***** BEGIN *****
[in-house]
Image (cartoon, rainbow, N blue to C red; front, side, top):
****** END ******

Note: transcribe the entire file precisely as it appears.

[in-house]
Image (cartoon, rainbow, N blue to C red; front, side, top):